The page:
Canadian manufacturers seeking niches to prosper

Fri Jan 27, 2012 10:02am EST
 
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By Jennifer Kwan

TORONTO (Reuters) - Coat maker Canada Goose found its niche by shunning the make-it-offshore phenomenon, producing its heavy duty down parkas on Canadian soil.

Even as Canada's clothing industry crumbles, with employment down 60 percent in just over a decade, the 55-year old family-run shop bucked the broader trend of moving production to low-cost locales such as China by keeping manufacturing at home.

"Pretty much everybody at some point touches the jacket," Paul Riddlestone, vice-president of manufacturing and supply chain at Canada Goose, said amid the hum of sewing machines on the factory floor in an industrial part of Toronto's west end.

"We are rebuilding a manufacturing infrastructure that disappeared years ago."

The company is one of a growing number of Canadian manufacturers focusing on specialized, high-value products because it knows it cannot compete on price against goods made in emerging economies with far lower costs. The emphasis is on the craftsmanship and functionality of the gear, which is used in some of the coldest, driest and windiest corners of the globe.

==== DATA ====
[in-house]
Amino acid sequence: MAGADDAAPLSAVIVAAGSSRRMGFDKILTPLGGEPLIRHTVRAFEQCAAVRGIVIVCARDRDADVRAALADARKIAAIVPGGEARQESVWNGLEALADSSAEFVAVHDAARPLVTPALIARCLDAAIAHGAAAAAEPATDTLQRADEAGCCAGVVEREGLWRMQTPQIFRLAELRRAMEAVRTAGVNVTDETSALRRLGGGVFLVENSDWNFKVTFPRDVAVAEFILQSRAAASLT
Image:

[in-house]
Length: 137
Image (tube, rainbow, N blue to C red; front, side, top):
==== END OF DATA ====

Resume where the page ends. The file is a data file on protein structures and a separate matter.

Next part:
The puffy Canada Goose jacket with its distinctive logo costs from $500 to more than $1,000, compared to $100 and up for a made-in-China down coat. Laurie Skreslet, the first Canadian to climb Mount Everest, has one. So does Lance Mackey, four time Iditarod and Yukon Quest dogsledding champion, along with oil riggers, police officers and Antarctica researchers.

"We have a country that is known globally to be very cold and people see Mounties and polar bears and igloos, and they hear about the Great White North," added Kevin Spreekmeester, the company's vice-president of global marketing. "The imagery that they relate to relates back to these jackets."

QUALITY FIRST   Continued...